18. Functional ability loss in sensory impaired and sensory unimpaired very old adults: analyzing causal relations with positive affect across four years.

    PubMed

    Wahl, Hans-Werner; Drapaniotis, Philipp M; Heyl, Vera

    2014-11-01

    This paper focuses on the relationship between functional ability (FA) and positive affect (PA), a major component of well-being, in sensory impaired very old adults (SI) compared with sensory unimpaired individuals (UI). Previous research mostly suggests a robust causal impact of FA on PA. However, some research, drawing from Fredrickson's broaden-and-build theory, also points to the possibility of an inverse causality between FA and PA. We examine in this paper both of these causal directions in SI as well as UI individuals across a 4year observation period. Additionally, we checked for the role of negative affect (NA). The T1-T2 sample comprised 81 out of 237 SI individuals (visually or hearing impaired) assessed at T1, with a mean age at T1 of 81.8years, and 87 UI individuals out of 150 assessed at T1, with a mean age at T1 of 81.5years. Established scales were used to assess FA, PA, and NA. Using cross-lagged panel analysis to examine the direction of causality, our findings indicate that FA has significant impact on PA in both the SI and the UI group, whereas the alternative causal pathway was not confirmed. Both cross-lagged relationships between FA and NA were non-significant. No group differences in path strengths between SI and UI were present. Our study provides evidence that FA is a key competence for successful emotional aging in vulnerable groups of very old adults such as SI as well as in UI adults in advanced old age. Copyright © 2014 Elsevier Inc. All rights reserved.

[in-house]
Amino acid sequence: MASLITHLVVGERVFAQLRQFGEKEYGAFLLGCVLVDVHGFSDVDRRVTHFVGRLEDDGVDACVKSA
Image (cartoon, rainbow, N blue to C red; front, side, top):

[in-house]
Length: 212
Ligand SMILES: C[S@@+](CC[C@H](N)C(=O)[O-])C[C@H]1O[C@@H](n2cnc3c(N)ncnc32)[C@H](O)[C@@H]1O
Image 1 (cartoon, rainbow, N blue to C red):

19. Obesity and infection: reciprocal causality.

    PubMed

    Hainer, V; Zamrazilová, H; Kunešová, M; Bendlová, B; Aldhoon-Hainerová, I

    2015-01-01

    Associations between different infectious agents and obesity have been reported in humans for over thirty years. In many cases, as in nosocomial infections, this relationship reflects the greater susceptibility of obese individuals to infection due to impaired immunity. In such cases, the infection is not related to obesity as a causal factor but represents a complication of obesity. In contrast, several infections have been suggested as potential causal factors in human obesity. However, evidence of a causal linkage to human obesity has only been provided for adenovirus 36 (Adv36). This virus activates lipogenic and proinflammatory pathways in adipose tissue, improves insulin sensitivity, lipid profile and hepatic steatosis. The E4orf1 gene of Adv36 exerts insulin senzitizing effects, but is devoid of its pro-inflammatory modalities. The development of a vaccine to prevent Adv36-induced obesity or the use of E4orf1 as a ligand for novel antidiabetic drugs could open new horizons in the prophylaxis and treatment of obesity and diabetes. More experimental and clinical studies are needed to elucidate the mutual relations between infection and obesity, identify additional infectious agents causing human obesity, as well as define the conditions that predispose obese individuals to specific infections.

  20. Causal localizations in relativistic quantum mechanics

    NASA Astrophysics Data System (ADS)

    Castrigiano, Domenico P. L.; Leiseifer, Andreas D.

    2015-07-01